LLOYD BLANKFEIN: We’re certainly heading — it’s a very, very high risk factor. There’s a path, a narrow path, but I think the Fed has very powerful tools. It’s hard to finely tune them and hard to see the effects of them quickly enough to alter it. But I think they are responding well. It’s definitely a risk. If I was running a big company I would be very prepared for it. If I was a consumer, I would prepared for it. But it’s not baked in the cake.
White House Claims Baby Formula Shortage a Top Priority Since February After Joe Biden Claimed Ignorance of Problem
The White House claimed President Joe Biden’s administration made the baby formula shortage crisis a top priority as early as February, even though the president claimed ignorance of the problem on Thursday.
“This is something he is focusing on very acutely and again I said 24/7 we’ve been working on this since we have learned about this back in February,” White House press secretary Karine Jean-Pierre said during the daily briefing about Biden, calling the issue “one of the presidents top priorities.”
Biden bristled when asked by reporters on Friday if he could have acted sooner to fix the crisis.
“If we had been better mind readers, I guess we could’ve, but we moved as the problem became apparent to us,” Biden said.
The president did not even personally mention the crisis until Friday, despite weeks of reports highlighting the problem.
“I’ll answer the baby formula question because, all of a sudden, it’s on the front page of every newspaper,” Biden grumbled on Friday.
He announced the launch of a new government website to help parents locate baby formula in stores, but it was beset by extremely long hold times and unhelpful information.
Jean-Pierre alluded to a comment from Health and Human Services Secretary Xavier Bacerra claiming the Biden administration had been working on the issue since February and even as early as last year in 2021.
CNN: “You are satisfied with the government’s response throughout [the baby formula shortage]?”
HHS Sec. Xavier Becerra: “FDA has kept me apprised of this from LAST YEAR. We have been moving as quickly as we can” pic.twitter.com/5WRZa5chYg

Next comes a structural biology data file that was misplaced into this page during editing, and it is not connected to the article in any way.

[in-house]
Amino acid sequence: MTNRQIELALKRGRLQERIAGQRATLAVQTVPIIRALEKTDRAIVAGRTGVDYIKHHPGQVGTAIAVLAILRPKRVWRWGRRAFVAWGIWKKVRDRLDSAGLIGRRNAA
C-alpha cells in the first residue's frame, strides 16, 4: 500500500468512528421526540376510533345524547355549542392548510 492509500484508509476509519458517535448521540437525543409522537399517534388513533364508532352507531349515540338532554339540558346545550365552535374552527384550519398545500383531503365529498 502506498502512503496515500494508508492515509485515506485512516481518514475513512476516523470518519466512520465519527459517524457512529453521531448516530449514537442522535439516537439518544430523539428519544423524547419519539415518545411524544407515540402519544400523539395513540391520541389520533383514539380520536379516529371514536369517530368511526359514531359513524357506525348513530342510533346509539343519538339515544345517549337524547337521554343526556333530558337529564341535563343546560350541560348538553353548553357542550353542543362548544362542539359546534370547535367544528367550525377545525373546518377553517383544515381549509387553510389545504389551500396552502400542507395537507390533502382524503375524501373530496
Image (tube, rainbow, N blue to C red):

— RNC Research (@RNCResearch) May 16, 2022
“You’ve heard us talk about this, you’ve heard colleagues talking about what we have done since February,” Jean-Pierre said. “We’ve been working on this 24/7.”
Jean-Pierre refused to offer a timeline for when supplies of baby formula would return to normal.
“What I can say is there are a lot of dates floating around out there,” she said.
Joe Biden Botches Name of Hero Killed in Buffalo Shooting Aaron Salter Jr.
President Joe Biden struggled Monday with the correct pronunciation of the name of Aaron Salter Jr., a heroic ex-cop and security guard who died Saturday confronting the Buffalo mass shooting suspect.
“We pay tribute to all law enforcement officers and their families who understand what it takes, what’s at risk, to save and protect all of us,” Biden said. “That includes paying tribute to the Buffalo police officer Aaron Salder — Slater, excuse me — who gave his life trying to save others.”
Biden spoke about Salter during a Public Safety Officer Medals of Valor ceremony at the White House for law enforcement and public safety officials.
Salter was a Buffalo police officer for 30 years before retiring in 2022 and taking a security job at the Tops Friendly Market where the shooting took place.
Salter hit the alleged shooter with at least one round from his pistol, but it was blocked by the alleged shooter’s bulletproof armor. Salter was later shot and killed during the attack.
“You’re the heart and soul and very spine of this country and communities,” Biden continued, praising the public safety officials in the room.
During the ceremony, Biden also botched the name of Rep. Adriano Espaillat, a Democrat congressman from New York.
“Excuse me. You can call me ‘Bidden,’” Biden joked, mispronouncing his own name. “We’ve known each other so long and I still stumbled. I apologize.”